“And,” not “or”

    After this, Gerstenmaier reiterated NASA's default position with regard to the SLS and much cheaper commercial launch solutions—that there is room for everyone in the industry. "I don't see it as an 'either/or;' I see it as an 'and,'" he said. "We're trying to build a plan that uses SLS for its unique capability of large volumes and a large single mass in one launch. The cargo capability is pretty amazing with SLS. You can launch a big chunk of gateway in one flight; where it would take multiple flights, I'm not sure you could even break some of those pieces up into those smaller pieces to get them on a smaller rocket."

    One difficulty with Gerstenmaier's response to Hale's question is that NASA does not, in fact, yet have any "large-volume, monolithic pieces" that could only be launched by the Space Launch System. The cornerstone of its 2020s exploration plans is the Lunar Orbiting Platform-Gateway, a small space station to fly in orbit around the Moon. The first piece of this station, a power and propulsion module, will launch in 2022 aboard a commercial rocket.

    In fact, beyond this power element, NASA remains in the beginning stages of soliciting and accepting designs for the other components of this "gateway," including airlocks and habitation areas. These could, in theory at least, simply be designed to fit within the mass and size restrictions of a Falcon Heavy or other planned commercial launch vehicles. Potentially, this would save NASA billions of dollars and allow it to spend considerably more money on exploration activities.
    https://arstechnica.com/science/2018...ckets/?ref=yfp
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  13. #313
    SEÑOR Member Aimless's Avatar
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    Interesting update on SpaceX's reusable rockets:

    https://arstechnica.com/science/2018...on-9-in-a-row/
    “Humanity's greatest advances are not in its discoveries, but in how those discoveries are applied to reduce inequity.”
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  14. #314
    That's no moon. EyeKhan's Avatar
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    Quote Originally Posted by Aimless View Post
    Interesting update on SpaceX's reusable rockets:

    https://arstechnica.com/science/2018...on-9-in-a-row/
    I remember when they first started landing the rockets Musk tweeted something about how beat up the rockets were. That data must have informed design changes for Block 5. I also read the Block 5 has some NASA-required changes for manned space flight to the ISS.
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  15. #315
    That's no moon. EyeKhan's Avatar
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    Planetary Resources' (Asteroid mining startup) tech development is moving along.... If the description of their 2020 mission is for real, I wonder if they'll keep the data they take as business proprietary or if they'll share it with the science community. I mean, its going to be unique and potentially of groundbreaking interest to space science generally.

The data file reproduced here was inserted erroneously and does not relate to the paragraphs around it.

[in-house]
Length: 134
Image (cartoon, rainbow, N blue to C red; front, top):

https://www.space.com/40400-planetar...adline+Feed%29

    Asteroid Miners' Arkyd-6 Satellite Aces Big Test in Space

    Some of Planetary Resources' asteroid-mining tech just passed a major space test.

    The Washington-based company's tiny Arkyd-6 satellite has completed all its mission goals in Earth orbit, just three months after lifting off atop an Indian rocket, Planetary Resources representatives said.

    "The spacecraft successfully demonstrated its distributed computing system, communications, attitude-control system, power generation and storage with deployable solar arrays and batteries, star tracker and reaction wheels, and the first commercial mid-wave infrared (MWIR) imager operated in space," Planetary Resources President and CEO Chris Lewicki wrote in an update Tuesday (April 24).

    The cereal-box-size Arkyd-6 launched on Jan. 12 atop a Polar Satellite Launch Vehicle, along with several dozen other payloads. The cubesat set up shop in a sun-synchronous polar orbit, where it's been working to prove out technology required for Planetary Resources' next spacecraft, an asteroid prospector known as Arkyd-301.

    he MWIR imager is particularly important to Arkyd-301 development and to the company's overall goals. The instrument can detect water, which is what Planetary Resources will be going after on asteroids, at least at first.

    Water can be split into its constituent parts, hydrogen and oxygen, the chief components of rocket fuel. Asteroid mining should therefore lead to the construction and operation of off-Earth propellant depots, which could revolutionize spaceflight and exploration by allowing spaceships to top up their fuel tanks on the go, Planetary Resources representatives and other space-mining advocates have said.

    If all goes according to plan, the company will launch multiple Arkyd-301 spacecraft atop a single rocket in 2020. Each spacecraft will cruise to a different asteroid, then assess the space rock's resource potential using onboard instruments such as the MWIR imager. The Arkyd-301s will also carry piggyback miniprobes, which will deploy from their motherships and burrow into their target asteroid to get even closer looks at the space rocks.
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  16. #316
    Resiste et Mords! Steely Glint's Avatar
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    I can hear your yearnings, your anguished cries. Let the nourishment pass your by.
    As it leaves you without a trace, it leaves your without the scars.
    Bitter is the end, the end of your cries. Let your nourishment pass you by.
    It'll leave you without your faith. It'll leave you without your grace.
    It's a day of the ruins, the time of your relief. It's the day of the judgements. It's the day of your beliefs.

  17. #317
    That's no moon. EyeKhan's Avatar
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    I saw that too, pretty cool stuff. Is it me, or does it seem like the ESA is slow to release cool stuff like that? NASA seems to put cool media out there right away - almost as soon as they get it.